Different UK universities have distinct ‘personalities’ and this means that any given institution will suit some students more than others.

Ancient/collegiate universities

The collegiate universities in the UK include Oxford, Cambridge and Durham. They are in the prestigious Russell Group of universities, and have strong academic reputations across all faculties and departments. They are mainly situated in towns and smaller cities, and the universities are often an intrinsic part of city/town life.

The term ‘collegiate’ refers to the fact that these universities are broken up into smaller colleges, in which students live and socialise. Different colleges have their own traditions and reputations, as well as their own distinct extra-curricular activities.

Note: Students applying to Oxford or Cambridge may be asked to submit applications to, and be interviewed by, individual colleges at these universities. 

Red Brick Universities

The term ‘red brick’ refers to a family of historic universities that are typically located in the major cities of the UK. These include Birmingham, Bristol, Cardiff, Leeds, Manchester and Southampton. Again, these universities are mostly in the Russell Group, which means that they have a prestigious reputation across all faculties and courses.

For students applying to Red Brick universities, it’s worth deciding if city life is a good fit.

Plate Glass/Campus Universities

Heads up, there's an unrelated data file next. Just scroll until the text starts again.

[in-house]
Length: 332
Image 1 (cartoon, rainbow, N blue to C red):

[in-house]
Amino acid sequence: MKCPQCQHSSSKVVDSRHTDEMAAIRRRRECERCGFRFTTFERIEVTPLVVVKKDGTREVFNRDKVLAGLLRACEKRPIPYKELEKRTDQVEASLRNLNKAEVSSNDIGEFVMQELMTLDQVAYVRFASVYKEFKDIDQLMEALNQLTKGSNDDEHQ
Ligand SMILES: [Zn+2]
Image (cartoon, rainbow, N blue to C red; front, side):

These are more modern universities such as York, Warwick and Sussex. Many were only granted university status as recently as the 1960s, but several are now highly ranked within the Russell Group of universities. The term ‘plate-glass’ was given to these universities due to their more modern architectural design.

Many of these universities are located on self-contained campuses outside of major towns and cities. This remote setting may be ideal for some students – however it could be isolating for those craving a busy, bustling city environment.

New Universities

New universities are typically institutions which were once classed as polytechnics (institutions focused mainly on vocational study). They are often located in the same city as older, more established universities (for example, Manchester Metropolitan neighbours the University of Manchester; Oxford Brookes neighbours Oxford University).

These universities can be attractive destinations for students looking to really specialise in a particular degree discipline, and can be strong options to consider for vocational study.

Bonus Resource – Download your free e-book, featuring your own copy this ultimate guide, along with 7 free lesson plans to help prepare your students for UK university application. Click here to download

Part 4: Understanding UK university rankings

It’s natural to look at a university’s ranking as a measure of its suitability, and its overall quality of education. UK universities are ranked according to a number of different criteria, including:

  • Quality of teaching.
  • Research rating.
  • Degree classification – the percentage of 1st and 2:1s as a percentage of all degrees awarded.
  • Student satisfaction
  • The percentage of graduates entering full time employment.
  • Drop out rates

League table rankings are not limited to these factors. However, these are arguably the most significant criteria that most students will look at when beginning the university application process.

Some universities, especially those within the prestigious Russell Group, offer an excellent quality of education all across the board. League tables are a useful way of identifying and researching these universities. 

But remember – league tables aren’t everything.

It’s tempting to measure the quality of a university solely by its league table ranking.